Skegness’ First Newspaper
I have secured copies of the “Skegness Herald” from Number 1 of the 30th June 1882 to Number 79 of the 28th December 1883, 79 4 page broadsheets, folio bound. Also secured are the full years issues from 1884, 1887, 1888, 1901 and 1902.
The Herald was the first newspaper published in this famous Lincolnshire seaside resort.
It’s much more than a local paper, it covers worldwide events. In these issues much prominence is given to countrywide stories, riots, murder, parliament, every week articles on Ireland with a mass of information on the war in Egypt including the famous battle of Tel Al-Kebir in September 1882. When under General Wolseley 24,000 British and 7,000 India troops fought the Khedive Urabi. Dozens of reports from the front.
On the local issues the districts covered were Spilsby, Alford, Wainfleet, Burgh, Chapel and East Lincolnshire. All the usual local stories with much on the resort as it grew into one of our most famous seaside towns. Much on the railways, new steamer services, with a fascinating weekly list of visitors and the hotels they stayed at, 100’s of names showing the hotels they stayed in and where the visitors came from. Articles on boat accidents, rail improvements, account of the Skegness Pier Company, right down to a notice that Skegness shops will now start closing earlier every evening at 7pm
(I wonder what the later closing time was in those days?).
A mine of information for the historian or genealogist, the paper ceased publication in 1916.
A rare find, and extracts will be included in this Old Skegness Newspapers website, sharing them with the people of Skegness and the rest of the world!
As I have mentioned, each issue of the Skegness Herald comprises of four broad sheet pages, each of which is divided into five columns.
As one thumbs through the fist few issues in 1882, a regular pattern to the layout is established.
The entire front page is devoted to advertisements, mainly of the local larger hotels. Samples of the adverts will be photographed and discussed in due course.
The first four columns of page 2 comprises of national and international news. (Let’s remind ourselves that in the 1880s, the general public possessed no radios or televisions, so the newspapers were the only media for circulating world news). I will extract the most newsworthy articles from the world news and add to the website, but, as this is a Skegness website, priority will be given to local news and events. The fifth column is again devoted to advertisements.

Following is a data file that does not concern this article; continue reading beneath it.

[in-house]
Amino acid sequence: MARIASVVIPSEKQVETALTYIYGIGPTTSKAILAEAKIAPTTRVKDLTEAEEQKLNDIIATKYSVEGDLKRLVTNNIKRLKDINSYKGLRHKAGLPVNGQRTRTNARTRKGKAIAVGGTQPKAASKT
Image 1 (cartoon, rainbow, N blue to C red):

Page 3 gives a comprehensive list of the local hotel, their proprietors, their visitors and where they came from. This list expands to a complete spread over two pages as the holiday season progresses. Page 3 of issue one includes news stories from Alford and Spilsby.
The fifth page of the first issue of the Skegness Herald devotes its first two columns to ads. The third column gives a summery of Skegness, the next ads and what’s on. Column 5 is entitles ‘ The Skegness Herald’.
‘Local Intelligence’ on page 6 covers Skegness and neighbouring villages of Wainfleet, Burgh and Hogsthorpe.
Page 7 devotes itself entirely to world news.
The back page depicts a railway timetable and ‘Information for Visitors’.
In all the issues of the Skegness Herald over the complete two year period not one photograph or image is to be found.
The typeface is very small and overall, the newspaper appears very daunting by modern day standards. Some relief is found by more artistic adverts, breaking up the monotony.
The Skegness Herald
Information for Visitors
Tables – rail times, tide times, weather forecasts
Firstly, before commenting on the style of journalism, we must explore what kind of audience the local newspaper was targeting. What kind of people would have bought the Skegness Herald for 1d per issue?
Skegness was quickly gathering momentum as a holiday resort in 1882 when the Herald was launched, and the newspaper contained a guide for visitors section. So the holidaymakers constituted a good slice of the audience. The tourists at that time would have been of literate, middle class status.
The booming seaside trade resulted in a growing local population of business people who were presumably prospering.
So then, let’s analyze the photojournalism of the time.
Unlike the punchy short sentences and relatively simple language used in modern day newspapers, the sentences in the Herald were typically long and rambling. We’ll illustrate this more clearly shortly.